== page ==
We Will Integrate Google rich search results to your wordpress website.
What are rich search results?
Search engines have for some time been making it easier for us to find answers using helpful features on the results page.
Google’s featured snippets provide instant answers to your queries. Map snippets lead you to a physical location such as a shop or restaurant. Google Shopping ads provide all the information you need to make a buying decision. And Google even uses video results to help with ‘how to’ searches.
There are also rich results for marketers to take advantage of. These are the cards and snippets that enhance normal page results with images, ratings, reviews and other quantitative information featured on your site. Setting up your site to provide rich results will help your business stand out.
What are rich results?
There are thousands of uses for a web page, and even more ways to code and structure it – causing a headache for the bots that crawl and index sites. Rich results are designed to highlight key information and help search engines understand a page’s purpose as accurately as possible. This means less guesswork for Google and more relevant results for users.
Rich results are made up of rich snippets and new rich cards –offering more image space and a carousel feature. To make the most of rich results for your site, you’ll need to tag up:
- breadcrumb navigation
- corporate contact information and logos
- sequential carousels
- search boxes and social profile information to be displayed in results
Individual content types can also be tagged up, including:
- news and blog articles
- big data sets
- training courses
- jobs and occupations
- local business details (including contact information and opening times)
- product information (including pricing, stock and reviews)
- fact check confirmation
- media such as music, podcasts, videos and TV and movie information
What are the benefits of rich results?
Rich results appear at the top of the results page – often in the coveted “position zero” above traditional text results. So, even if you aren’t ranking top in the traditional results, you will still be the first thing users see on a search results page.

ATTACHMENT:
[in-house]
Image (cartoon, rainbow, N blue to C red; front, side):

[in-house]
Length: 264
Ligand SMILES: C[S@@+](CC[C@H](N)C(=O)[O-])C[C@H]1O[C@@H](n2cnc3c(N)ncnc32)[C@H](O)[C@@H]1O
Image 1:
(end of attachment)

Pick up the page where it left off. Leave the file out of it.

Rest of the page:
They’re also presented in boxes, often accompanied by an image and star rating, making them quicker and more useful than traditional results. These boxes can have a carousel design that lets users swipe through answers for more information.
Detailed rich results present a more enticing prospect for users to click through to your site – and search engine algorithms love high click-through rates, often boosting rankings for your website.
Rich results also work seamlessly with voice search. Featured snippets that appear in “position zero” are the results that are read aloud when using voice search on devices such as Google Home and Siri – ideal when you’re on the move or have your hands full.
Rather than a whole page of results, voice assistants read out the single featured snippet or rich result. So, if you’re in the top spot, all the exposure is yours. If these results are in the form of a local business profile or a product then users can visit your physical location or buy the relevant product online – all through voice commands. (See more on Search Quality Rating Guidelines for voice assistants)
Rich results boast technical benefits too. Tagging pages for easier crawling of your site means more relevant results are returned – encouraging users to click through to the page. It also means that users are presented with the precise answer, product or information they were expecting – decreasing your site’s bounce rate (when users visit a page but then jump back to the results without interacting with anything) and also helping to improve results.
There is speculation that Google will add structured data highlighting to its ranking algorithms. The idea was first touted in 2015, so having this mark-up working correctly on your site ahead of the game can be a big bonus if, and when, it comes into play.
How do I tag rich results?
Rich results can be marked-up many ways, based on a language called Schema – the universal vocabulary used for tagging pages that’s understood by every search engine. It’s most easily added using the JSON-LD format – a chunk of code in a script that can be added in the top of the page to annotate the relevant elements that already exist, like pricing, reviews, answers and contact details.